Wednesday, April 10, 2019

The Adams-Newhall Axis

I just finished a book. Group f.64: Edward Weston, Ansel Adams, Imogen Cunningham, and the Community of Artists Who Revolutionized American Photography by Mary Street Alinder, biographer and assistant to Ansel Adams.

This is a heavily footnoted, which is almost but not quite the same as well-researched, book about the famous f.64 group in California, and tells the tale of their glorious battle with the Pictorialists, especially William Mortensen, their eventual victory, and their ascent to their rightful places in the pantheon of great photographers.


Actually, it's just another salvo (in 2014, for god's sake), in the increasingly discredited tradition of Beaumont and Nancy Newhall's hagiographic take on Ansel Adams and Edward Weston. In this version of history, Europe does not exist, and photography consists, mainly, of Alfred Stieglitz, Ansel Adams, and Edward Weston, with Beaumont Newhall playing the role of James Boswell. Photography's history consists of discovery, an unfortunate side-trip in to Pictorialism, and ultimately glorious re-emergence into truth and beauty, led by the heros Adams and Weston, who rescue Stieglitz from flirtation with evil. Drinks all around.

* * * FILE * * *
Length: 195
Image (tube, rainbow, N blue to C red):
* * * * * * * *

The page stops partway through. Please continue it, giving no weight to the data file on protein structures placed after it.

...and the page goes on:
I cannot for the life of my figure out what this thing is doing being published in 2014.

Anyways, that is the narrative Alinder is promoting, but she does actually provide a large number of facts, many of them probably correct, which allow us to sort out better what actually happened.

First of all, the central claim of the book, that f.64 swept away Pictorialism in a great wave of wisdom is absurd on the face of it. f.64 was not in the van, they barely made it to the rear-guard at the very tail end of Pictorialism in, more or less, the last place Pictorialism was still kind of a thing, in the American West. f.64 was formed in 1932. Hartmann wrote his plea for Straight Photography in 1904. "Camera Work" had dumped Pictorialism in favor of Paul Strand in 1917.